• Control over payout process: The fight in Australia is evidently centred on how much control these companies would be able to retain on their payout process — operational aspects such as deciding the quantum of payments for news feed sources, and having to reveal changes in their algorithms.
  • Balance of Bargaining Power: But Google and Facebook are two of the largest and most profitable companies in history – and each holds far more bargaining power than any news publisher. The news media bargaining code sets out to undo this imbalance.
  • Commercial Agreement preferred: The media bargaining code being introduced is far too systematic for them to want to accept it. They would rather pick and choose commercial agreements with “genuine commercial consideration”, and not be bound by a one-size-fits-all set of arbitration rules.
  • Difference with EU regulation: European authorities have specifically linked payments to copyright, without putting a forcing device into the agreements. Australia’s code, on the other hand, is almost entirely focused on the bargaining power of news outlets vis-a-vis the tech majors, and has some coercive features as well. 
  • Issue of Power Equations: It is more of a competition issue in Australia, of power equations between traditional news outlets and tech platforms, with the question of abuse of dominance by the latter hanging in the balance

Case Study: South Korea

  • Naver Online Platform: Nearly four years previously, Naver, South Korea’s most popular news site and biggest search engine (like Google), had thrashed out an unusual model for working with Korean news publisher.
  • New Business model to deal with News Media: Naver started designating some 125 outlets as “Naver News in-link partners”, and paying them for published stories on Naver. Another 500 odd news outlets are unpaid “search partners”. The total payout was over $40 million in 2017.
  • Criticism of model: While this may not be the perfect model — news outlets have generally been unsatisfied with their share; and there are allegations that Naver manipulated the ranking of articles critical of South Korea’s top football association on the latter’s request — the template remains operational in a nation where nearly 85% of the population accesses news online.

What has been the Firms’ response elsewhere?

  • Facebook plans to launch its news tab feature (available in the US since 2019) in the UK, with likely tie-ups with The Guardian, The Economist, and The Independent.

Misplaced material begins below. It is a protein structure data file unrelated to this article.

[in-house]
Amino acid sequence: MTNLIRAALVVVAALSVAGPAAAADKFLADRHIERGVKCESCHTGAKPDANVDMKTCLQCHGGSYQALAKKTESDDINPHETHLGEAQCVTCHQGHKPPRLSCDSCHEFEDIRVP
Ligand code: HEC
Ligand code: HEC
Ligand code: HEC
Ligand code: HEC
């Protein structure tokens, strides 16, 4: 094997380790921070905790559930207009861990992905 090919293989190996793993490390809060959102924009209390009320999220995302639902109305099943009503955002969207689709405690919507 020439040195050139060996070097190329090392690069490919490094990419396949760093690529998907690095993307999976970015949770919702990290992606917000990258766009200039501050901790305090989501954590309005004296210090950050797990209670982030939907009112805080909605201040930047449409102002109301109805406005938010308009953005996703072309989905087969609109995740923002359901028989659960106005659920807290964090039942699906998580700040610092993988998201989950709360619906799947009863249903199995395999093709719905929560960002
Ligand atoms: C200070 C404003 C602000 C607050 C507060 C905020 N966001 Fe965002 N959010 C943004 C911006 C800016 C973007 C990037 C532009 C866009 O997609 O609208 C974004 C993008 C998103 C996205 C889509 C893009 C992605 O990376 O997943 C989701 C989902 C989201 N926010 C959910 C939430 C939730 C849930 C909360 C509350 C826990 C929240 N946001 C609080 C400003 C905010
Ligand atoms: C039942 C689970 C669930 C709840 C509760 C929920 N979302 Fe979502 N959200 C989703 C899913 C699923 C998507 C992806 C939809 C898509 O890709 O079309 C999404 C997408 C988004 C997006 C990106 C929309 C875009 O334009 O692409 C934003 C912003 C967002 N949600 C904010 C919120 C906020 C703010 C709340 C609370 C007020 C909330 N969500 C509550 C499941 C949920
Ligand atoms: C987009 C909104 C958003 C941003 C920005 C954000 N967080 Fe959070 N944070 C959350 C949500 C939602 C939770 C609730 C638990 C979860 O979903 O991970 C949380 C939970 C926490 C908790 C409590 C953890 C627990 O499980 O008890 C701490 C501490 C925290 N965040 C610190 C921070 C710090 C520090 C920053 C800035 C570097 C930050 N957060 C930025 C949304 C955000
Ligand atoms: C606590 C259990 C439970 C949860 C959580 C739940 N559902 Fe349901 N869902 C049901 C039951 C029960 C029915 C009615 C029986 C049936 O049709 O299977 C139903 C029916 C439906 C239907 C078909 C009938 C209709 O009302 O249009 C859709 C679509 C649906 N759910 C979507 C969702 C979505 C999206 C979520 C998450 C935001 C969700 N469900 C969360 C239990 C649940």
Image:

• Google is rolling out its news offering platform, Google News Showcase which features story panels that allow participating publishers to package the stories that appear within Google’s news products. It has on board more than 450 publications across a dozen countries, 
  • Google had announced in December 2020 that it would “soon start offering people access to paywalled content in partnership with select news publishers”. It had said it would pay participating partners to provide limited access to paywalled content for News Showcase users.
  • Both the platforms of Facebook and Google aim to formalise payment pacts with news outlets
  • However, Google’s first response to France adopting the EU copyright rules was to stop displaying news snippets – until the French competition regulator stepped in, in October last year. 
  • Google also stopped its Google News service in Spain, which made payments to publishers mandatory.

Do You Know?

  • In India, digital advertising spends in 2019 grew 24% year-on-year to Rs 27,900 crore, according to EY estimates, and are expected to grow to Rs 51,340 crore by 2022.
  • Globally, Facebook and Google together command 61% of the market share in digital ad spends, according to Edelweiss Research; Google leads with 37%. 

The debate in India

  • Big Market: According to a FICCI-EY report on India’s media and entertainment sector for 2020, there are 300 million users of online news sites, portals and aggregators in the country — making up approximately 46% of Internet users and 77% of smartphone users in India at the end of 2019. With 282 million unique visitors, India is the second largest online news consuming nation after China
  • Dominance of Intermediaries:  Policymakers in India have so far focused on the dominance of intermediaries such as Google and Facebook, which are positioned in a way that service providers cannot reach customers except through these platforms.